A Responsible Top's Primer
Please note that these are recommendations only.
The author cannot accept liability for injuries due
to accidents or irresponsible handling of whips.
BULLWHIP SAFETY FAQ
Let's say that someone you know wants to get a motorcycle. He's
never ridden one and the only exposure he's had to bikes are the
ones he's seen on TV.
Only a self-destructive idiot would buy one, jump on it and open
it up to see what it can do without first learning the basics of
safe riding. And yet it's not unusual to meet someone who's paid
top dollar for a Morgan bullwhip without taking the time to learn
how to use it, as though the mere possession of such an
instrument somehow magically imparts some superior level of skill
to the owner.
Just like motorcycles, bullwhip accidents happen fast and can
leave lasting injuries. I have little sympathy for the Top who
whacks himself when he's trying something new, but I have
absolutely no respect for the ones who injure others
inadvertently because they are simply arrogant in their
Even a short four-foot bullwhip can cut like a chainsaw or slice
like a knife. A longer one can inflict deep-tissue bruising like
a baseball bat. A bullwhip can break bones.
Expert wielders of single-tail whips have a well-deserved
mystique about them. The good ones have paid their dues with
patient practice. You can't fake ability with a bullwhip -- you
either have it or you don't. If you've never picked up a
bullwhip, I'd like to point you in the right direction. This is
one man's opinion, but nothing here will contradict the practices
or the principles of the best whip handlers. If you've been
practicing for a while, some of what's said here may validate
your own experiences.
CHOOSING A WHIP
Pick the right tool for the job. Don't buy an 18-plait, 14-foot
kangaroo whip if you want something to play with in an apartment.
Don't expect people to happily jump in front of your 10-foot whip
so you can learn how to play with someone. Make your mistakes on
your own time -- practice diligently and consistently until you
can tell that whip where to crack every time. When you can take
leaves off a tree by fractions of inch at a time, then you're
ready to play with someone else.
You do not need an expensive whip; you do need a well-made one.
Many beautifully braided whips are mere costume pieces better
left hanging on the wall, just because they do not function the
way whips are supposed to. The braiding should be tight enough to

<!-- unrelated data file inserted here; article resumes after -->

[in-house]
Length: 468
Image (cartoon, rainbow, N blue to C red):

communicate the energy of the throw undissipated all the way from
the handle to the cracker. While kangaroo is twice as strong and
lighter than leather, it is twice as expensive. Which way you go
is your choice. The price of a whip is no indication of its
Cecil Castro of Texas makes excellent, and inexpensive,
whips for the ranchers there -- his whips are simple, almost
crude, but they work beautifully once they're conditioned. At the
other end of the spectrum are the whips made by David Morgan (or
his employees, under his watchful eye), which are works of art.
I've also heard good things about Rawwhips. One of my own
favorites is a leather whip, made with a kangaroo bolster,
combining the skins to make a unique instrument.
Like all leather, keep your whip dry. Condition it with tallow, a
lanolin-beeswax based mixture. Better yet, obtain some Pecard
Conditioner (Pecard Leather Care Products, 1836 Industrial Drive,
Green Bay WI 54302 or call 414-468-5056). Keep neatsfoot oil or
any other greasy surface treatment away from it.
Pick the right whip for your purpose. A shorter whip will force
you into a stricter form, because it is faster than a longer
whip. Because it's shorter, it's also lighter, so you can
practice longer with it before you tire yourself out. Working a
long whip is like doing bench presses with one arm. It's easier
to go from a shorter whip to a longer one as your ability
increases. A four-foot whip can be used in a variety of
situations, while a whip up to 14 feet long will be accurate
enough to play contact games with someone. Beyond that length,
don't try anything more elaborate than simple wraps around
Get a good video, if you can't find a local whip user to share
information. I've produced one, "Bullwhip: Art of the Single
Tail Whip." Mark Allen Productions has a series, "Cracking the
Whip, I & II." Dressing For Pleasure in New Jersey has tapes of
whip seminars from past conferences. If you're on the Internet,
there's a good bullwhip FAQ which can be accessed at
Attend conferences. Understand that non-SM people also like to
crack the whip, and you can meet them at events such as those